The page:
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FBI Joins Hotel Cyanide Inquiry; Victim Identified

August 13, 2008

By Hector Gutierrez

The FBI and local authorities are trying to sort out the mystery of what happened to a man found dead at the Burnsley Hotel in Denver’s Capitol Hill neighborhood with a foreign substance that the coroner’s office said might be cyanide.

On Tuesday, the man was identified as Saleman Abdirahman Dirie, a 29-year-old Canadian. Denver police said they believe he had been dead for several days before officers found him Monday morning.

“Because of the suspicious nature of the death and the unidentified substance – it leads to a lot of questions,” Special Agent Kathy Wright, an FBI spokeswoman, said Tuesday.

The coroner’s office said it completed an autopsy Tuesday, but medical examiners can’t determine the manner and cause of death until they have the results of lab tests. Foul play is not suspected.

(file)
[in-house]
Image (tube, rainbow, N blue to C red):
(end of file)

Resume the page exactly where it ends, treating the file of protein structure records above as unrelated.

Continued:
Denver police released a statement that officials at the coroner’s office suspected the presence of cyanide when they received the body. Hazardous materials teams from several jurisdictions, including the FBI, found a jar in the fourth-floor room where the victim was staying that held between a pint and a quart of an unknown substance.

Investigators became concerned that they might be dealing with cyanide because the jar contained labeling that suggested it could be the deadly chemical, fire Lt. Philip Champagne said.

A source familiar with the case said authorities were looking at the possibility that the chemical was sodium cyanide.

The Department of Justice has classified sodium cyanide as a toxic chemical that, when mixed with strong acids, can be used as a chemical weapon.

Members of the 8th Civil Support Team of the Colorado National Guard were at the hotel Tuesday morning to provide support to local emergency responders, Capt. Robert Bell said in an e-mail.

Although the FBI’s Joint Terrorism Task Force was alerted and is helping in the investigation, Wright emphasized that agents do not have information that would lead them to believe that the victim was a “terrorist or has terrorist ties.”

Originally published by Hector Gutierrez, Rocky Mountain News.

(c) 2008 Rocky Mountain News. Provided by ProQuest LLC. All rights Reserved.




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